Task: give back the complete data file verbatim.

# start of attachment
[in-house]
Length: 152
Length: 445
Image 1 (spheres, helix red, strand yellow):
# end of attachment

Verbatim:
[in-house]
Length: 152
Length: 445
Image 1 (spheres, helix red, strand yellow):